Mikaela Shiffrin ends what could be her best season at World Cup Finals, live on Peacock


Now that Mikaela Shiffrin broke the Alpine skiing World Cup career wins record, plus clinched season titles in the overall, giant slalom and slalom, there may just be one significant, outstanding question for her going into this week’s World Cup Finals.

Is it her best World Cup season ever?

At the World Cup Finals in Andorra, which start with downhills Wednesday, Shiffrin finishes her season with three races: Thursday’s super-G, Saturday’s slalom and Sunday’s giant slalom. All of the women’s races, plus Friday’s mixed-gender team parallel event, air live on Peacock.

“In the beginning of the season, if I could scrape by with five [wins] and the overall [season title], that would be, like, out of this world,” Shiffrin said after Saturday’s record-breaking win, her 13th race victory this season. “So I don’t really know what to say about this season.”

2023 Alpine Skiing World Cup Finals Broadcast Schedule

Wednesday Men’s Downhill Skiandsnowboard.live 5 a.m. (ET)
Women’s Downhill Peacock 6:30 a.m.
Thursday Women’s Super-G (Shiffrin) Peacock 5 a.m.
Men’s Super-G Skiandsnowboard.live 6:30 a.m.
Friday Team Parallel Peacock 7 a.m.
Saturday Men’s Giant Slalom (Run 1) Skiandsnowboard.live 4 a.m.
Women’s Slalom (Run 1) (Shiffrin) Peacock 5:30 a.m.
Men’s Giant Slalom (Run 2) Skiandsnowboard.live 7 a.m.
Women’s Slalom (Run 2) (Shiffrin) Peacock 8:30 a.m.
Highlights CNBC 3 p.m.*
Sunday Women’s Giant Slalom (Run 1) (Shiffrin) Peacock 4 a.m.
Men’s Slalom (Run 1) Skiandsnowboard.live 5:30 a.m.
Women’s Giant Slalom (Run 2) (Shiffrin) Peacock 7 a.m.
Men’s Slalom (Run 2) Skiandsnowboard.live 8:30 a.m.
Highlights CNBC 3 p.m.*

*Delayed broadcast.

The best measure of an Alpine skier’s yearly success is their World Cup points. For each race, a winner receives 100 points on a descending scale through 30th place, which receives one point. At World Cup Finals, where fields are smaller than 30, only the top 15 score points.

Shiffrin has 2,028 points this season, nearly double second-place Petra Vlhova of Slovakia, which allowed her to clinch the overall title, the biggest annual prize in ski racing, two weeks before World Cup Finals.

In 2018-19, Shiffrin’s best season, she scored 2,204 points, the second-highest total in history behind Tina Maze‘s 2,414 from 2012-13. Shiffrin can surpass 2,204 with two wins in three starts this week, or other combinations of strong finishes.

Shiffrin has also said that, at times this season, she has produced the best skiing of her career.

But comparing 2023 to 2019 is not apples to apples. The more one dissects, a stronger case can be made for 2018-19.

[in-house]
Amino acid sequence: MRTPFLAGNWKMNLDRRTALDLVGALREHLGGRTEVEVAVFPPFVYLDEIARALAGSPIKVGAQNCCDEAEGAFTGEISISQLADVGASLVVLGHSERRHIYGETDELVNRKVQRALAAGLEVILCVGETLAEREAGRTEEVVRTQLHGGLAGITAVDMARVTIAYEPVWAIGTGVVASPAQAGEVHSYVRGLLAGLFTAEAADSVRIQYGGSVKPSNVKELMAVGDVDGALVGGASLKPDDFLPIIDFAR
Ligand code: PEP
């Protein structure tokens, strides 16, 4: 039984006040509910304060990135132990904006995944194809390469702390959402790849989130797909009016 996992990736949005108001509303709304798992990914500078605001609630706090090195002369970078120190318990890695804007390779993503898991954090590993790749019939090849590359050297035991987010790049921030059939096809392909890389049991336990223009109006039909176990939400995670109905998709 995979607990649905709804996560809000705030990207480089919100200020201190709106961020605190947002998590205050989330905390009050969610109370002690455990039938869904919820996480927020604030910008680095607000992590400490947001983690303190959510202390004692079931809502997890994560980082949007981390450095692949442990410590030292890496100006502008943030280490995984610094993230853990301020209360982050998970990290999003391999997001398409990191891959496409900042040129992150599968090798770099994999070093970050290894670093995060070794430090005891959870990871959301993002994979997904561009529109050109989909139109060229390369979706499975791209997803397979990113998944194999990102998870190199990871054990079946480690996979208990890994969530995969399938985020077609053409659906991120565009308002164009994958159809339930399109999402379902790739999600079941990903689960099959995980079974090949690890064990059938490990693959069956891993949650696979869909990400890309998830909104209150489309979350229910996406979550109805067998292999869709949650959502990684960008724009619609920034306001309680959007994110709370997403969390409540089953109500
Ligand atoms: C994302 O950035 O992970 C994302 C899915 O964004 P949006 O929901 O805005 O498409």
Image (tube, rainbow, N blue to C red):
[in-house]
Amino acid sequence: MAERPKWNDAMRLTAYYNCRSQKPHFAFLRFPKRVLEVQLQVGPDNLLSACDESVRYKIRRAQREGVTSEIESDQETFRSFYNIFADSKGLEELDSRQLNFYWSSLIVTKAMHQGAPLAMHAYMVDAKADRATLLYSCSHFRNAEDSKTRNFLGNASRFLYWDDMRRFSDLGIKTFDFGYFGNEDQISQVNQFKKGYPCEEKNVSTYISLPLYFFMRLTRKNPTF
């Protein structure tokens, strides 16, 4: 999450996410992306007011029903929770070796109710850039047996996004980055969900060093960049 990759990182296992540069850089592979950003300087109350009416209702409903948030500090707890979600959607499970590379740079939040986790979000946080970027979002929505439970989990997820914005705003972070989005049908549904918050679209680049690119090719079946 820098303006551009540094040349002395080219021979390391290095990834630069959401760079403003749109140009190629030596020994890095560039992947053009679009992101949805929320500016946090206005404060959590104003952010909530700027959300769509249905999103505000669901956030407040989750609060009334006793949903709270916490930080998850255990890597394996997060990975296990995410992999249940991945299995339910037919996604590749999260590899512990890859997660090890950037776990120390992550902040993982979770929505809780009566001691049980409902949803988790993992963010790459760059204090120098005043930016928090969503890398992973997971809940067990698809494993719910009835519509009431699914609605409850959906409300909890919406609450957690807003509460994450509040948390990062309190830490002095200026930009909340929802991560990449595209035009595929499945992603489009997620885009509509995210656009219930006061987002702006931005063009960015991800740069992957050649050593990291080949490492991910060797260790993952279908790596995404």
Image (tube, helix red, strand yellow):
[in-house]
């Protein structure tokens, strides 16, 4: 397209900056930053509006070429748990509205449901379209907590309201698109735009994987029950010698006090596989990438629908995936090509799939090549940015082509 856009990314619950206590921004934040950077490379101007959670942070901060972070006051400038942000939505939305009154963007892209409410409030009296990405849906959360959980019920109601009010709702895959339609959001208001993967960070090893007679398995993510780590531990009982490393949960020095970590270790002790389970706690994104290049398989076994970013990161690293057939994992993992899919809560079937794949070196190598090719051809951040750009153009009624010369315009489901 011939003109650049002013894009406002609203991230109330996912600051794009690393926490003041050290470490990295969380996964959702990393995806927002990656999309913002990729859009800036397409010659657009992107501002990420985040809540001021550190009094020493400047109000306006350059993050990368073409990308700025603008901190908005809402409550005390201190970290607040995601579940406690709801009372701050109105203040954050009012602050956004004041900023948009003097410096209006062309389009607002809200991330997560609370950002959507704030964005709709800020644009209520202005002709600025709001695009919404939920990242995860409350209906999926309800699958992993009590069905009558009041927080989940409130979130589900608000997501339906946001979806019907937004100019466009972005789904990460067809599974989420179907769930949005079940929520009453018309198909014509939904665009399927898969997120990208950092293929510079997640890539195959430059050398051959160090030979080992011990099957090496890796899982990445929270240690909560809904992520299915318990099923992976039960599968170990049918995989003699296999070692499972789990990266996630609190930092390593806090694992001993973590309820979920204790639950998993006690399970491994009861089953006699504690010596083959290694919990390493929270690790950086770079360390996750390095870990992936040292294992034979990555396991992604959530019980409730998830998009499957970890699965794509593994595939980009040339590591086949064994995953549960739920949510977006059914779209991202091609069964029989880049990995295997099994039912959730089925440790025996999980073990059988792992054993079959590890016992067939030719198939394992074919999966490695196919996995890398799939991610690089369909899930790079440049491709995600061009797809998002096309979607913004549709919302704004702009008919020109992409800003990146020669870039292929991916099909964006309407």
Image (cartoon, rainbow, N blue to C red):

In 2018-19, Shiffrin earned 17 World Cup wins, the most by any male or female Alpine skier in one season. She has 13 wins so far this season, so the most that she can finish with is 16.

In 2018-19, there were 35 races. This season, there will be 38, assuming none of the World Cup Finals events get canceled due to weather, meaning more opportunities to accumulate wins and points.

She has 28 starts this season, her most ever. If she wins all three races this week, she will have averaged 75 points per start this season. She had 26 starts in 2018-19, when she averaged nearly 85 points per start.

Shiffrin has talked about the fatigue she felt after 2018-19.

She has been busier this season, but her life changed significantly in the four years in between.

“I guess maybe I’m equally as tired,” as in 2019, she said. “Having done that season, maybe I feel like my capacity for fatigue is higher, but then at the same time. … What I’ve experienced over the last couple years, my understanding of fatigue, it’s completely different. I said I was tired in the 2018-19 season, but that was before I ever experienced not sleeping for three weeks straight [after my father’s death in February 2020].”

In at least one way, she sees a similarity between the two seasons.

“For our team, despite anything that happens, to be able to remain focused on the skiing and sort of the process of still going out every day in training and freeskiing and doing the drills and doing all the things that allow me to possibly win races,” she said. “It’s not 17 [wins], but [13] is a number that I never thought I could get in a single season again in my career.”

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Football takes significant step in Olympic push

Flag Football
Kirby Lee-USA TODAY Sports

Football took another step toward possible Olympic inclusion with the IOC executive board proposing that the sport’s international federation — the IFAF — be granted full IOC recognition at a meeting in October.

IOC recognition does not equate to eventual Olympic inclusion, but it is a necessary early marker if a sport is to join the Olympics down the line. The IOC gave the IFAF provisional recognition in 2013.

Specific measures are required for IOC recognition, including having an anti-doping policy compliant with the World Anti-Doping Agency and having 50 affiliated national federations from at least three continents. The IFAF has 74 national federations over five continents with almost 4.8 million registered athletes, according to the IOC.